99. DLC says

    The rhetorical style is familiar, but more of Chavez or Castro than Hitler. Although Shickelgruber could get to moving when he worked himself up to it.
    I remember Marjoe Gortner’s coming out against televangelists, and applauding loudly when he did so.

    Scary what a well-trained and motivated witch-doctor can do, isn’t it ?

    On a side note, any of you out there see the recent Law & Order episode in which the detectives arrest a teenage boy for stoning his mother to death ?
    The scene with the little kids in Jesus Camp, learning how to chant hate — “This Means War!” Don’t tell yourself it’s only a TV show . . . there are such groups extant today.
    I wonder, will they also make war on the unbelievers, or just the Islamics ? I’d like to say I am not worried about religious fanatics, but I’d be lying.
    I use the word fanatics because they aren’t fundamentalists, having long since departed from the fundamentals laid down by Jesus or Mohammad or whoever their original witch-doctor in chief was.

  100. Michael says

    Dr. Avalos beat me to it, because that was what knocked me out of my chair when I first heard him speak about his childhood; sometimes being pushed so far to one side makes it eventually flip you around to the other.

    As for the little preacher in the video, all I kept wondering was how do you say “He wants you too, Malachi” in Spanish…

  101. Mac from Oregon says

    Once again I arrive late to the party.
    Beyond depressing. The joy and rapture of the adults watching this mini Falwell just makes me ill. I try to confront ignorance, I try to educate where I can but how do you get to these people? Anything you could say is automatically demonic and nonsense out of the gate.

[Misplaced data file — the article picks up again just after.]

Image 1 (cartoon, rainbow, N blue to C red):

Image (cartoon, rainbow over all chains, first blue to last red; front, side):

Anybody know of a good country to emigrate to? I am seriously considering it. The stupid is just too much to deal with. I don’t know how PZ and others can do this in this environment, I really don’t.
    As for the kid, he will reach puberty someday and then lets see how he deals with a crowd. With acne, breaking voice, pocket erections as he sees the choir girls. Sad thing is that he has probably reached his evangelical and theatrical peak, and he doesn’t even know it.

    Seriously, send emigration choices…

  102. John Phillips, FCD says

    That had the same effect on me as the CH4 and beeb pieces on child preachers, vomit inducing. However, as others have noted, the child wasn’t the worst thing about it, after all, you can only feel sorry for a child of that age who generally only wants to please the adults. No, what was truly sickening was the audience reaction, now that was frightening.

  103. DingoDave says

    SteveM wrote in comment #53:
    “At my Anglican school we were taught that “made in God’s image” meant we, like God, have an innate knowledge of right and wrong, not any physical similarity. If true, this would mean atheists know right from wrong too.
    No, I don’t know how this was reconciled with the story of the fruit of the tree of knowledge.”

    It irritastes me enormously when Christians claim that this is the meaning of this passage. What the Bible actually says is,

    “Then God said, “Let us make humankind in our image, after our likeness… God created humankind in his own image, in the image of God he created them male and female he created them”

    Now, what does the word ‘likeness’ mean? Let’s take a look at the dictionary definition of the word shall we?

    1. resemblance
    2. portrait
    3. an imitative appearance; semblance
    4. A pictorial, graphic, or sculptured representation of something; an image.

    The author of this text was obviously polytheistic, and assumed that the gods looked just like human men and women. If ever there was a text in a ‘holy book’ which indicates that people create gods in their own image, then this is it.
    The breathtaking dishonsty of Christians when quote-mining these verses in an attempt to weasle out of the obvious implications, makes my blood boil.
    These religious sycophants can’t even bring themselves to be honest with what their own ‘holy book’ is clearly telling them.

    If Hector Avalos happens to read this, I would appreciate his opinion as to whether he agrees with my interpretation.